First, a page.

And I will also address the new attorney-centric EDBP in our discussion!

Don’t delay. Spaces are filling quickly! Join me live and online in an engaging environment open to asking questions and participating in the conversation. If you have a friend who is a litigation paralegal interested in making the transition to e-discovery project management, this session will provide a rare opportunity to learn e-discovery project management skills from an expert in the field of litigation support (if I may so humbly say so myself).

Marketing Litigation Support / E-Discovery In Your Organization

I used to teach a seminar on marketing litigation support within your law firm or corporate legal department. Over the past few years, this topic has come up a few times on the dynamic custom learning plans that I develop for individuals. A large part of being able to market your in-house services is to develop your sales skills. Here are 6 easy steps to follow for success:

1. Research the Customer

2. Deepen Your Understanding

3. Discover Where Your Customer Wants to Be

4. Decide Whether You Can Actually Help

5. Present Your Offering as a Solution

6. Ask for the Next Step

These steps are found in some shape or form in many sales training materials but I found them here. I highly recommend reading the article and checking out the book mentioned. Now, let’s discuss how to apply these steps to litigation support and/or e-discovery:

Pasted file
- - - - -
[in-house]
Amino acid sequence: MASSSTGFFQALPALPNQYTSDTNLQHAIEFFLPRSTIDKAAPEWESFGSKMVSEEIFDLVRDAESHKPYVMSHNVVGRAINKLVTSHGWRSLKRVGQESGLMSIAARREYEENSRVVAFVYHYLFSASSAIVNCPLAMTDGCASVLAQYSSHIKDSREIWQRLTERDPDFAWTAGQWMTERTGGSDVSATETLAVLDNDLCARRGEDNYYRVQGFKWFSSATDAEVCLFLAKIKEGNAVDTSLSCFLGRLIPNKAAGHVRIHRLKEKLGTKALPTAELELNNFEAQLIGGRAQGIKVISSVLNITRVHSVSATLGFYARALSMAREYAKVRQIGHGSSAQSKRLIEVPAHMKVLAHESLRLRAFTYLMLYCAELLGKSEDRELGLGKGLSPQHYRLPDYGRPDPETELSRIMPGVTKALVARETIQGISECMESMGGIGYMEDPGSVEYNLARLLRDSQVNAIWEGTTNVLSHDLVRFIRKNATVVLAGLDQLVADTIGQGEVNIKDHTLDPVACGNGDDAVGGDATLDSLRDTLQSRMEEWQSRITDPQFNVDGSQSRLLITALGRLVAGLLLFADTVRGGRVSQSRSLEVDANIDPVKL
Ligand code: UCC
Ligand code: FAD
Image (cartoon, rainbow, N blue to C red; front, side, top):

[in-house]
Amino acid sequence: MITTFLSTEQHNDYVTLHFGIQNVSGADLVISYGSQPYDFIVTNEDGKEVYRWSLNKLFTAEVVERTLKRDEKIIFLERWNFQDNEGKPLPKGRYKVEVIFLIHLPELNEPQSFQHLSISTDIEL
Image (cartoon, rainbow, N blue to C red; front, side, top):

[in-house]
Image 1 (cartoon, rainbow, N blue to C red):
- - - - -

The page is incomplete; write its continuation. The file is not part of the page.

1. Know Your Customer. In a law firm, your customers are the attorneys and paralegals and the firm’s clients. In a corporation and government agency, your customers are the attorneys and paralegals plus any business or non-legal staff involved with the litigation project.  This could include the IT department if they are functioning separately from litigation support/ e-discovery.  Find out what their needs are and what is on their “wish list” when it comes to your services and technology options. Identify the folks who have a genuine interest in the technology and project management methodology and position them to be your advocates when you are not around. A good way to start your research is to send out a survey (no more than 7 questions) to gather information.

2. & 3. Be the Consultant. Review and draw conclusions from your survey results. Talk to your boss about the future of your department and the long range budget plans to give you an idea of what’s to come. You’ll need a little bit of HOPE to carry with you as you meet with your advocates to listen to their “wish list” and ideas. Ask open ended questions and share a little of the hope of what’s coming later.

4. Do NOT Over Promise! And risk under-delivering later… One of the challenges you may run into with your organization is that you don’t have a long range plan. And there is nothing to really look forward to because the overall strategy is to REACT then take action. If your firm buys software or technology based on client suggestions, then I suggest asking if you can talk to a few of your counter-parts at some of the firm’s key clients to gain a sense of where they are heading.  Then try to map out a plan for how you can support them long range. If you do have a long range outlook and plan for technology and service improvements, then fantastic!